There was a sturdy barn on site, and one day Bob decided to give me shooting lessons with a target he had attached to the barn. I was an absolute failure at that; I actually couldn't even hit the barn---and the only gun he owned had such a kick it knocked me over every time (thin as I was in those days). 
    The tractor, however, was another story. The landlord had left it with us for mowing purposes, and I easily and happily learned to run it. Early in our marriage, as a matter of fact, I became Bob Moore's "lawn boy. " In our second home, I mowed the lawn with a push-mower, but after awhile he bought me a tractor.
    I've always found it quite relaxing to sit on a tractor and mow, and I love the meditative qualities of that pursuit. To this day, if I'm trying to solve a mental block, I can get on the tractor and mow... and any clouds inside my mind will clear miraculously.
    I do remember, though, that in a certain period in Concord, I was one of the few women who boldly mowed by tractor. Once, in fact, I was stopped in that work and chastised by a well-dressed woman in an expensive car, who said to me, "Don't you know that women of your character don't do such things? Much less right out in the open where they can be seen by passers-by; mowing and tractors are men's work. Your husband should be ashamed."
    I jumped back on my tractor and ignored her, but I commenced to wonder what "women of my character" were, exactly. And I resented that something I enjoyed so much was to be relegated only to men. I knew my husband never seemed to be ashamed of his tractor-mowing wife; and if he had been, I would still have fought to be the one who drove the tractor. Of course I kept on with my mowing, and I still do mow.
   Over time, my tractors became newer... easier... more comfortable. My husband often joked, and still does, that it would have been cheaper to keep his wife in jewels than it has been to keep her in tractors.
   Even in this special week, you may have spotted me mowing our valley acreage. With a happy smile on my face!


NOTE FROM ROSE: If the page ends here, click on "NEW POSTS" at bottom right of page to contine with the GOLDEN ANNIVERSARY WEEK series.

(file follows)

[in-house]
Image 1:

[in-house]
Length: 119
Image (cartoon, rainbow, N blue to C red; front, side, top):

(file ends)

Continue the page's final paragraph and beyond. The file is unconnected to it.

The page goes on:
Wednesday, September 8, 2010

DAY 3--PART II--"A HUSBAND, A FLOWER TREE AND MISCHIEF!"--DAY 3, PART II--MEMORIES IN OUR GOLDEN ANNIVERSARY WEEK

    I've written about this before, but it's a great memory for me.
    Last summer, as I sat one morning with my husband over early-morning coffee, Bob seemed to be watching me intently, and he was obviously holding back a smile. What was he up to?
    I glanced out the window and saw that my arborvita was blooming! Pink flowers all over it!
    Bob started laughing, and I realized what had happened. The afternoon before, I had cut back my petunias to encourage a fresh flush of growth---(That does work!)---and my husband had mischievously gathered the cast-off blooms. In the cool of the evening, when I wasn't watching, he had carefully arranged them on the arborvita, and they still looked fresh when I spotted them in the morning.
    Imagine! An arborvita in bloom for his wife! (The flowers lasted one full day).


NOTE FROM ROSE: If this is the end of the page, click onto "New Posts" at bottom right of the page to go back to the previous anniversary postings.

DAY 3--PART I--"FLOWERS ARE FOR LOVE"--A MEMORY FOR A GOLDEN ANNIVERSARY WEEK...

     Out of the countless memories of 50 years of marriage, a special kindness from my husband came to mind yesterday as we lunched on the porch near the front-yard flower gardens.
     Bob has always loved growing his vegetables; I grew the flowers. He would often tuck a vegetable in among my flowers. ("You can't eat flowers," he'd say).
    And I would just as often tuck flowers in among his vegetables. "It makes them look better," I'd tell him, "Some flowers even repel the critters." (I could see he never believed that).      

     In our younger years when times were tight financially, he might sometimes ask, "How much do we pay for all those flowers?" And when he did that, I would simply smile and tell him, "You don't want to know; just enjoy them."
     With his frequent teasing about my flower gardens, if I ever got the feeling he didn't enjoy them himself, that feeling was banished forever after I suffered a serious brain hemmorage in fall of 1995. I was still in recovery mode in the following springtime, and we both realized that I wouldn't be planting my gardens of flowers that year.
     One morning he went out with his truck, and when he returned, he brought a comfortable chair outside and set it within view of my garden space, in front of the porch; I could see that space had been carefully weeded and prepped.
    The chair was for me, he said as he brought me a cup of hot coffee and then backed his truck onto the lawn. He began unloading a great number of flower plants; and all were my favorites.